What matters most when we remember our lives is what we’ve said about our experiences to other people.
Think about it: aren’t your most vivid memories the stories you’ve told again and again? About how some random doctor on the wintry Trans-Siberian Railroad injected you with some unknown serum, or how your husband lit up the living room with every tea-light Waitrose had the night he proposed?
If you want to have lived a beautiful life, tell beautiful stories about it.
“How was your day?” is the most important question we get asked : an opportunity for you to shape your own history, several times a day. So do you answer “Ugh, the train was so packed I couldn’t even open my newspaper?” Or do you take a few seconds longer to seek a nicer memory, like how your colleague brought in chocolate from Italy?
The “peak-end rule” says you judge an experience as an average of the best (or worst) moment and the last moment. So when you are asked “how was your day,” it’s natural to think of the last thing you did, like that horrible packed train. If you then tell this to someone when you get home, it reinforces that memory. Since our journeys to and from work are often what we’ve done just before someone asks us “how are you?”, they take an out-sized place in our memories.
Solution? Optimize your commute. Or talk about something else!
This link, between sharing your story and remembering it yourself, probably goes way back to cave man days. Surely those things you bother to tell others, like what plants are poisonous, are the most important things to remember?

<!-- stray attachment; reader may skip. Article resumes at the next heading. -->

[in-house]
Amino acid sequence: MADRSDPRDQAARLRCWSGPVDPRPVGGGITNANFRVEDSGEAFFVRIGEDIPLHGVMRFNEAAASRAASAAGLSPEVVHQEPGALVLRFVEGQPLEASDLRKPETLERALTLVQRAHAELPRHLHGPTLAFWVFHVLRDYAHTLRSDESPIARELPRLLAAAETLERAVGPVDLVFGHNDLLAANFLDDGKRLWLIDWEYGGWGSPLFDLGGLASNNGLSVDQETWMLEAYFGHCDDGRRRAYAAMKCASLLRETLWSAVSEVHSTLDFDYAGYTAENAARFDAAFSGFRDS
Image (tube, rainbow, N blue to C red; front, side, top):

Researchers have done some experiments exploring this link between speaking and memory. One study reasons that we don’t have early childhood memories, for instance, because we didn’t have the vocabulary to describe them at the time!(http://www.ncbi.nlm.nih.gov/pubmed/15065919)
I wonder if students would learn better if they spent a few minutes at the end of class telling their neighbor what they learned. And if the cliche question parents ask their kids, “what did you learn today in school?”, isn’t their most important contribution to their kids’ long term academic success?
Don’t believe me? Try an experiment now on yourself : when next forwarding an article (or Aabservation), don’t just copy the link. Write two sentences saying what you thought was interesting in it, and see what you still remember in a week.
Indeed, telling each other things about our lives is important, both for learning, and for having lived a beautiful life. Our life is a sandy beach which we walk along, picking up grains to touch and admire as we go. Each time we handle them, we have a choice: to coat them with the black grime of criticism and kvetching, or to build them up as shiny pearls of delight and wonder.
Chose pearls. It’s a nice way to end a story.